are determining what they do, and telling them what they should do.
If you don't know what you should do, why should another person estimate
what you should do? What would that mean? Scheduling the wrong things
So, putting 'points' on work is considered harmful. There is no point.
Trying to schedule getting things done? Well, what are those things?
You'll end up becoming path-dependent, only scheduling those things
you know, rather than the things that will make you successful, or
the things that help people.
Those things need to be defined by the individuals.
And no change or improvement or pivot or innovation, of corporate or
institutional strategy or operation, can happen without empowered
So, when you fight against 'points', and the product owner says
'how can I schedule without them'? You have to ask them WHY they
are scheduling? Are there priorities that we have all discussed?
No? If not, then why is anything being scheduled? If yes, then you're
already working on them, and you will work on them until they become
done, done enough, or NOT a priority anymore.
When it comes to something that effects no one else, and only your own
time, if you need to ask permission, you're not free. That counts
for a group of people too.
Self-determination in self-management, and workplace democracy, means
that you should be able to start a project with whomever you want. You
can't use all of your time on it, of course, without support of your
collegues. But that's different than "support from your management".
That's tyrannical. It doesn't matter if you agreed to it contractually.
Selling your actual freedom violates everyone's principles -- we are
just in the habit of not defending those.
Without this, don't expect much genuine innovation emerging from your
Engendering sensitivity to opportunity
What is is that allows you to sniff out significant product and service
differentiators, in the search for a good solution, or a better solution?
It's the sensitivity to people, and the world around you. Inside of an
institution, the more conformist the culture, the less likely you'll
have a diverse enough set of people to act as grist for identifying
real-world issues that need technological support.
It's also a developing sense of what's important. One should really avoid
trivial improvements. Systemic, fundamental, recurring problems are the
ones that people need addressed. Otherwise, consider: you may be polishing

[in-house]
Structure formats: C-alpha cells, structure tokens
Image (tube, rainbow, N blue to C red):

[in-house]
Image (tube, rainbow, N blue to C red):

and calcifying somebody else's automated wage-slavery.
But you also need the freedom to experiment, given this diverse
environment. UNIX and the software Tools movement grew out of sufficient
freedom, within Bell Labs at the time, to pursue better ideas.
Yes, a license headache ultimately ensued, but if there had been
a culture of risk-and-idea avoidance, the application of theory to
computing practice would have been set back 20 years.
Too much social engineering
When you have a goal, go ahead and have a goal. If you add some
kind of scientific management mechanism, it gets continually
harder to maintain your humanity and attention above and beyond
the mechanisms you've agreed to use. It stops you from being human
just that much more. It make you that much LESS agile, and that
much less capable of seeing or doing what's important.
False arguments used everywhere
The biggest problem with the marketing of agile and scrum, is that
the assumption of top-down management and a cult of efficiency changes
every argument, to the point of nonsense. So, everyone agrees that
a certain kind of 'multitasking' is silly and ineffective. But, that's
the kind of multitasking we mean. Others are completely out of our
control: our brains do many things at once to accomplish things that
appear to us to be 'one thing'. The notion that avoiding multitasking
is universal -- or 'fractally applicable', in one phrase that makes no
sense on close examination -- is just a circular definition. That kind
of multitaking that's ineffective, is inneffective. But if I want to
work on "two tasks", as if there's some kind of absolute division of
tasks, because they are in=terconnected, or they have something in common
that interests me, or are contrasted in some way that interests me,
I'll be damned if anyone can prove that it is more efficient to
force me to work on one to completion, followed by another. It's insane,
and is only acceptable in a top-down industrial environment. Where it
is not appropriate, in the same way that it wouldn't be acceptable in
any kind of exploratory or research environment. We need better ways
of doing things, and dogmas about the number of stories one can consider
at once, justified by our lack of ability to talk and sing at the same
time, will keep us, like any dogma, from finding commonalities and
insights into doing the right thing, and doing it well.
Pulling multiple stories is not necessarily multitasking
We mean by 'multitasking' the attention-stealing switching from
one task to another. Basically, if it reduces the quality and
profundity of something, it's bad.
But, if these are 'multiple stories' that you can see a common thread in,
they are not multiple stories, from that perspective. But from the
team perspective, you wouldn't want to change the stories.
I believe if agile people understood the cognition involved, they'd be
able to defend themselves from some of these bad patterns, when they don't
apply, or when they are being used to enforce top-down distracting
What we do with computers, and how we do it, is simply not understood.
If someone claims to understand it, everyone should be sufficiently-informed
to defend themselves from such dogma.
Trapped in a machine
It's very easy to get simplistic about how scrum should work, because
methodological systems are mental constructs, and people will become trapped
within them unless they explicitly say "there is nothing there, let's rethink this".
Repeatedly. But the more infrastructure and credence you give a system,
the harder that is.
The promotion of autonomy and cooperation needs to be the primary goal of scrum.
If it isn't, then it's a bad system, simply making subservience and supplication